Improving on one’s interview strategies is a core concern for everybody who has to navigate the job market, whether you work in a field where mobility is expected or you’re interviewing for your first new job in years. It’s a competitive marketplace out there, and new interview and resume screening techniques keep pushing people to give more, be better, and refine their approaches. To make sure that you are building better interview strategies with each new meeting you take, the key is to practice, and not only for general interview questions, but for questions that draw from specific knowledge about the job you are pursuing. Building up a preparation routine that is designed to highlight research, performance, and mental flexibility is the single best way to make sure that your interview strategies are as refined as possible.
Preparation and Research
The first step is always preparation and research. Chances are that you have a fair amount of information at your disposal already, since you had to look into the company and the role you are applying to fill before sending in a resume. If you’re selected for an interview, though, it will be essential to show that you have continued to learn about your prospective employer. You don’t want to show off, but you do want to be able to answer questions that are relevant to scenarios you might encounter during the course of daily business. Better interview strategies will be available to you if you can reference your knowledge of particular details about the company as well, so don’t focus on trivia about company history. Instead, focus on understanding how things are done and what your employer’s position in the industry looks like.
The other side of preparation is to make a plan for the interview and for your practice interview sessions. You don’t want to just leap forward by writing responses to a few common interview questions. Instead, it’s worthwhile to look at the likely approaches your employer will take and to plan for a few practice sessions with different people who will use different questions. To use the practice to figure out better interview strategies, you will need to hear a variety of different kinds of feedback about your answers, so pick a wide variety of friends and acquaintances when asking for help practicing, too.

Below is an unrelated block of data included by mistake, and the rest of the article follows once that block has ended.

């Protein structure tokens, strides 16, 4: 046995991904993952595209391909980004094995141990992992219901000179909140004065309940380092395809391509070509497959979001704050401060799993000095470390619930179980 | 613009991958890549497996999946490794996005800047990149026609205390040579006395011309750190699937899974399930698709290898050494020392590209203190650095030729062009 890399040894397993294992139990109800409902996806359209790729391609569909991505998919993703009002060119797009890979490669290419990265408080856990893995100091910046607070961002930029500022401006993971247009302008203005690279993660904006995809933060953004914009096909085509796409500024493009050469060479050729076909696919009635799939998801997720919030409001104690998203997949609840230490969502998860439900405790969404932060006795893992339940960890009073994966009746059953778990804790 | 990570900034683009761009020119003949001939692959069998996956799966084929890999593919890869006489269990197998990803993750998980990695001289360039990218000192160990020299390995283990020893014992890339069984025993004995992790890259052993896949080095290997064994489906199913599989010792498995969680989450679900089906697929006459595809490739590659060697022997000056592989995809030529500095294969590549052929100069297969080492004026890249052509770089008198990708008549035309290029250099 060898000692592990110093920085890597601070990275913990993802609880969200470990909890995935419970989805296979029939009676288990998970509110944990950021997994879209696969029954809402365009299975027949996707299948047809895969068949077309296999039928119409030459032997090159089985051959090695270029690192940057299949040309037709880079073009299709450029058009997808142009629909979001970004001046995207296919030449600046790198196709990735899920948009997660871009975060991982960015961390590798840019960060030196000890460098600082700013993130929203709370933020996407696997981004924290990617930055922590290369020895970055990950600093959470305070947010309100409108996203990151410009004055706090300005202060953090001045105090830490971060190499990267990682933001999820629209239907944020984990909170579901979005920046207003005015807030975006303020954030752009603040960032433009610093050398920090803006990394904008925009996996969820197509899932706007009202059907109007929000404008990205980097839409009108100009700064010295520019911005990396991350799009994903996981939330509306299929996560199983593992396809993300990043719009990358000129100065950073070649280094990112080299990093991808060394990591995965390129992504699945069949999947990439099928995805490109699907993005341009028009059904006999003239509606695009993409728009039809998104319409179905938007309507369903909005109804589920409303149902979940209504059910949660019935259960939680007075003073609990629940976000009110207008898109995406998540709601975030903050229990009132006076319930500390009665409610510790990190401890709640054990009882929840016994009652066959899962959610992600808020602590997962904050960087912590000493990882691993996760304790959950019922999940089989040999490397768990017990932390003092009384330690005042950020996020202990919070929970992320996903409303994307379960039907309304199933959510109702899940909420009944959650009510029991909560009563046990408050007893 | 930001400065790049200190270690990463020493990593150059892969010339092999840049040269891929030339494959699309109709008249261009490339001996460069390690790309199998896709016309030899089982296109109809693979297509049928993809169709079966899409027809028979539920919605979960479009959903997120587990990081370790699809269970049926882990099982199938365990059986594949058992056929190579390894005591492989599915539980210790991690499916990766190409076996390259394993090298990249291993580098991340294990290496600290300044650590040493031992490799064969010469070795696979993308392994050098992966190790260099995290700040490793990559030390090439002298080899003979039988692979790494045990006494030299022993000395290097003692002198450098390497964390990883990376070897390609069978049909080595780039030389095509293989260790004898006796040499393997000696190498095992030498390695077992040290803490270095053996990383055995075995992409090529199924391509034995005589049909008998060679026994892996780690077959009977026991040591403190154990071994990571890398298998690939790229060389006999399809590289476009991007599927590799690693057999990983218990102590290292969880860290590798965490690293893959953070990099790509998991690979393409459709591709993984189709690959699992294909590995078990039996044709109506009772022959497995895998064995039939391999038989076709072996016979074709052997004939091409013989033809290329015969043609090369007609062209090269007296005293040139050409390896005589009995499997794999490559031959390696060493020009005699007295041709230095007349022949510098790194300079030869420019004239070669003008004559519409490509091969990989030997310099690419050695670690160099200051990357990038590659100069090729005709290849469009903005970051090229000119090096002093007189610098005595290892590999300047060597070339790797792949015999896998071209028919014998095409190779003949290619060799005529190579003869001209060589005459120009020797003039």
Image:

Approaching the Practice Session
For each practice session, you will want to make sure that you prepare just like you would for the interview. Dress appropriately, in the kinds of clothes that you are considering wearing on the day you go in. Practicing in a few different outfits and inviting feedback can also be helpful if you can’t decide what the best choices in your wardrobe are. Even if you are confident about your choice, though, you still want to practice in the interview outfit so that you are used to moving in those clothes. That way, you will be as comfortable as possible when the pressure is on. If you’re working on identifying better interview strategies, then you will want to be sure that each session includes the following stages:
Sample skill and experience-based questions, randomly selected so that you can’t quite predict the order or exact questions used.
Sample behavioral interview questions that allow you to practice your general approach with a variety of them. Remember, you can’t always predict what the most relevant behavior-based questions will be.
Practice asking questions back to the employer, and if possible, work with people who are comfortable giving you answers. You can even provide them with some of your company research to help.
Debrief. This is very important. You want to take the time to hear feedback about your approach and to take tips and criticism without talking back and explaining aspects of your performance away. At the same time, though, it’s important to identify any aspects of the scenario or questions that are frustrating, and to either talk through them or make a plan for researching better interview strategies that get around them.
The more you practice, and the more thought you put into processing the things each practice reveals, the better your interview strategies will become. Just remember, you have to practice the way you will be interviewed. Writing out ideas can be great for brainstorming, but it can’t replace being comfortable saying the words and narrating your way through the examples you will need to fully answer each question.